Saturday 9 March 2019

A ticket to samovar country: A blog has archived Russian children’s books in translation

A generation grew up reading Russian books in Bengali. The books live again in this blog

“One of Aloyonoushka’s eyes sleeps, the other stares; one ear sleeps, the other listens. Sleep, pretty Aloyonoushka, sleep. Papa will tell you stories, and it seems everyone is present — the Siberian cat Vaska, the shaggy bumpkin doggo Postyoko, Mouse Aunt who lives in the hole, the household cricket from that side of the hearth, the polyphonous polka-dotted birdie in the cage, and the irate rooster. Sleep Aloyonoushka, the story will begin right now.” (Stories of Aloyonoushka by D. Mamin Sibiriyak, translated into Bengali by Noni Bhowmik, English translation mine).

Back in the woods
It is one of the quirks of history that most Bengali children of the Leftist decades of the 70s and 80s had their imaginative world made up of Russians plodding through snow in parkas and earmuffs, water bubbling in samovars, forest huts standing on chicken claws, and most of all, the scary witch Baba Yaga flying around in her mortar, none of which had any connection with the reality of their lives in the sweaty urban jungle of Calcutta.

And yet Russian stories translated into Bengali had an irresistible appeal, chiefly because the translations were good, deftly combining the unfamiliar (for instance, the “Siberian cat” in the quoted text) with the familiar (the “household cricket”, which translates into the onomatopoeic jhnijhni in Bengali, immediately conveying the insect being referred to).

Thrilling: Scanned image from the book, Chunoputi
(The Insignificant)   | Photo
Credit: sovietbooksin

To boot, the books, mostly published by Moscow-based Foreign Language Publication House, Progress (Pragati), Raduga or Mir Publishers, were handsomely illustrated. Parents loved the books too, since, purportedly propaganda literature, they came for a song.

Ready to print
Objects of nostalgia now, these books are being sought to be preserved through digitisation. A Kolkata-based group headed by Somnath Dasgupta and Prosenjit Bandyopadhyay started the project in 2013. Their friends, Nirjon Sen, Souradip Sinha and Farid Aktar Porag from Bangladesh, joined later. The blog, ‘Soviet Books Translated in Bengali’, is a veritable treasure trove — if books like Chuk ar Gek (Chuk and Gek) or Dadur Chashma (Grandpa’s Spectacles) are your long-lost childhood friends, you can find them again as PDFs here.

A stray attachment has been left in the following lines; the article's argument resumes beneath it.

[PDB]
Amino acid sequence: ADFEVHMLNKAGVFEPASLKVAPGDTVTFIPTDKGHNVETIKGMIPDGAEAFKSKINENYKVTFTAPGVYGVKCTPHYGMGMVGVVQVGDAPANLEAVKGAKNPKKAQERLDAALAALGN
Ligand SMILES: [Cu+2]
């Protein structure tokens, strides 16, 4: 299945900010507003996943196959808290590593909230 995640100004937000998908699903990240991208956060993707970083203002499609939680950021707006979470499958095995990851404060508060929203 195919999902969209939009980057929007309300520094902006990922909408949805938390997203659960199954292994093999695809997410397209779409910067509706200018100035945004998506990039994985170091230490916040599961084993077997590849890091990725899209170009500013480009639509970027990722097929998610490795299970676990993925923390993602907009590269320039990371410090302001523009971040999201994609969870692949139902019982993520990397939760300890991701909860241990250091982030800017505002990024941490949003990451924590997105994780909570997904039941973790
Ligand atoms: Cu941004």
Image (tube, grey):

And like the proverbial best things in life, they come free. All that the bloggers demand is an acknowledgement if any of the work is reproduced.

Dasgupta says, “We started out with the aim to archive all Soviet books translated into Bengali: our intention was to make these books accessible again for everyone.” That turned out to be a Herculean task, since the corpus included not just children’s books but also political and economic works, as well as magazines like Soviet Nari (Soviet Women) and Soviet Union. So they narrowed the project down to children’s books and magazines (Soviet Nari, targeted at home-makers, came with colourful activity pages for children).

Till date, Dasgupta’s team has posted 333 books on their blog. Since the quality of the scanned books is quite good, people have printed them freely, sometimes without acknowledgement. The last might be one reason why this labour of love is on the verge of running aground: the volunteers feel demoralised when strangers appropriate the books without credit. This apart, the demands of their day jobs are making it difficult too. But Dasgupta is optimistic: he says he will post just the raw scans if he doesn’t get people to do the painstaking processing. He plans to include translated Chinese books too.

The blog is a pleasure for yet another reason — you get to know something about the translators, who almost shaped the vocabulary of a particular generation of Bengalis, and yet have sunk into oblivion now.

There is an Youtube clip where Arun Som, one of the better-known translators, talks about why he got interested in Russia: “Maybe because of political inclinations, but also because of my love for the Russian classics... I wanted to make them more accessible to Bengalis.”

(Source: The Hindu)

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